Tatts and Tabcorp in Merger Deal
Australia’s two largest bookmakers, Tattersalls and Tabcorp have agreed to merge and create a central company that will control over 90 per cent of totalisator betting in Australia. Tatts currently has a market capitalisation worth $5.3 billion. They run totalisator betting in South Australia, Tasmania, Queensland and the Northern Territories. Tatts also runs states lotteries in the eastern territories.
Tabcorp is currently worth $4 billion and runs tote betting in New South Wales, Victoria and the ACT. Tabcorp also has a media division structured around Sky Racing. Both Tattersalls and Tabcorp compete in the online betting market with Tabcorp running the Luxbet brand and Tatts running the newly formed UBET brand. The two companies have met previously to discuss talks of a merger but to no avail.
This time round, both companies unanimously agreed to the deal which will give Tabcorp controlling interests in the newly formed business. Fresh merger talks were sparked by a marked decrease in profits last year. The profit loss was suspected to be directly linked to the deregulation of gambling licences in Australia. This has led to the influx of international online competitors.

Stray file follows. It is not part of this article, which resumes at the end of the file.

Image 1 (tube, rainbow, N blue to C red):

Merger Still Needs approval by the ACCC
Speaking to the press, about the merger Tatts and Tabcorp explained that in a rapidly changing landscape, the best way to create a strong, diversified business is to bring the two business together. The merging of the two powerhouse bookmakers will create an entity worth on $11.3 billion and generate revenues in excess of $5 billion. The company’s combined market capitalisation is expected to be in the region of $8.6 billion. If the deal is approved, Tatts shareholders will be compensated and receive 0.8 Tabcorp shares. Tatts shareholders will also receive 42.5 cents for each share they hold in Tatts.
While the agreement is all written up, the merger deal still needs the approval of the Australian Competition and Consumer Commission. The ACCC has shown serious reservations in past and has blocked a similar proposal back in 2006. Many of the concerns from 2006 have been lessened by the Victorian Government’s decision to completely restructure the industry in 2008. This led the removal of existing gaming and wagering licences. For Australian punters the merger could mean a huge shake up in the online and club betting market and it will be interesting to watch and see what happens next. Such a merger could have huge ramifications for other betting companies and the future of wagering may look completely different for some now.